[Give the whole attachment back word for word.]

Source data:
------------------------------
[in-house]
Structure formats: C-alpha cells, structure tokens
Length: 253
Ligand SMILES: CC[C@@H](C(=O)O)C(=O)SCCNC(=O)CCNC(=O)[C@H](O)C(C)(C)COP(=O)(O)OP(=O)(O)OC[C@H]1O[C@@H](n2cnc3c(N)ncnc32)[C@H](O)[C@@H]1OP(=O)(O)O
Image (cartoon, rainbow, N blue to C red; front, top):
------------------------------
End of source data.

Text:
[in-house]
Structure formats: C-alpha cells, structure tokens
Length: 253
Ligand SMILES: CC[C@@H](C(=O)O)C(=O)SCCNC(=O)CCNC(=O)[C@H](O)C(C)(C)COP(=O)(O)OP(=O)(O)OC[C@H]1O[C@@H](n2cnc3c(N)ncnc32)[C@H](O)[C@@H]1OP(=O)(O)O
Image (cartoon, rainbow, N blue to C red; front, top):